Long-Term Addiction Treatment: Past, Present & Future of the Therapeutic Communities

"Can Parellada" Therapeutic Community (Dianova Spain)

The 80's have seen an explosion of the number of residential resources to treat substance abusers after the heroin epidemic had spread, triggering a social emergency situation. In 1986, the Spanish association of therapeutic communities was created to promote a professional community model. Since then, such treatment facilities have evolved over the years to become a state-of-the-art quality model, grounded on intensive and comprehensive care, tailored to each person's needs and expectations. 

The characteristics of substance abusers are often determined by a combination of various persons within a same individual.  These features may include behavioral, emotional cognitive or social symptoms; they may also be related to the individual's integration in one's environment, or include somatic or even psychological and psychiatric components. Addiction is a complex, multi-facetted and multicausal phenomenon which demands comprehensive, biopsychosocial and educational strategies of the kind found in the therapeutic community (TC) model of treatment.  This treatment model is nowadays deemed to be the only, integrated approach to addiction treatment capable of addressing most of the aspects that need to be taken care of within an individual. 

English lessons at Can Parellada Meeting and Music One-on-one follow up meeting at Can Parellada Outings in Can Parellada

The C.T. The TC model addresses the various issues people or their families may be confronted with, which may also have played a role in, or be affected by, the onset and maintenance of addiction and related disorders. This work is grounded on a comprehensive, holistic approach, from the pre-admission phase, when people initiate their therapeutic and motivational process; through the intake and integration phase, when they learn to live drug free and overcome their difficulties by the means of a residential, protected environment after an adequate assessment of their needs and subsequent treatment by the center's interdisciplinary staff; to the ultimate, pre-reintegration stage, which helps transpose these achievements to people's own social and community environment, so as they may pursue their treatment in an outpatient resource. 

In recent years, we have been severely affected by a profound crisis which has caused unprecedented shutdowns and indiscriminate budget cuts among third sector's social and healthcare facilities. Therapeutic communities have been concerned especially, without due attention to their vital role in today's society.

In addition, this reality has ignored dramatically the fact that widespread unemployment and lack of resources can only give rise to a resurgence of addiction related disorders, much beyond the prevailing levels in the last decade.  As a matter of fact, the various resources available within the treatment network cannot be reduced to mere outpatient, maintenance or risk reduction programs – and all the less since the latter were also subject to budget cuts.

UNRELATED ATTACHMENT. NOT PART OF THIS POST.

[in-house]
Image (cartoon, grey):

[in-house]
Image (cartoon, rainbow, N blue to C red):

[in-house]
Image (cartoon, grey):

Despite all these arguments, despite this treatment model's well known efficiency, therapeutic communities are in danger of extinction, for a whole set of reasons described by Domingo Comas in a 2011 paper: "Therapeutic Communities in Spain: Expansion & Crisis": 

  • Their dependence upon political decisions (which are not always based on criteria of need or efficiency), while they are still not fully integrated  in the regional communities' resources portfolio; 
  •  Their dependence on public grants, which have decreased dramatically in time of crisis
  •  As mentioned above, Domingo Comas already referred to a shift in approach following a 2008/2011 report on addiction treatment models presented by a joint committee with senate and congress representatives, and according to which: "addiction related disorders are "chronic and recurring conditions", resulting from genetics, which can only be alleviated through proper medication… Thus implying that "biological factors" make any social reintegration almost impossible.  From that very moment, therapeutic communities, as efficient treatment models, in addition to their ultimate purpose – reintegration – had turned out to be "useless". 

Furthermore, as stated in the title of this article, TC is a long term model of treatment. And this is where the rubber hits the road, because in today's society most people are immersed in a culture of immediacy, as if we only needed to wave a magic wand to get immediate solutions to all of our problems. In substance abusers' culture of addiction, everything is organized around their need for immediacy; all life is condensed to immediate need to maintain drug supply, sustain drug use and avoid consequences of use. And at the same time people tend to reject a model which has proved highly effective, because it happens to be a "long term" treatment model, such as is the case for TCs. 

As a psychologist and professional addiction counselor, I would like to say loudly and clearly that it is essential to preserve therapeutic communities as an integral part of our healthcare network and as a resource which over the years has proved efficient to help overcome addiction and give hope to all those who want to redirect their lives and live drug free. Beyond political or administrative issues, what should prevail only is the clinical efficacy of a given model of treatment.

  • Esther Martos Azcutia
  • Psychologist and Addiction Counselor
  • Recipient of a Master of Arts degree in Clinical Psychology
  • Cinical Director of Dianova's addiction progral – Can Parellada TC, Dianova Spain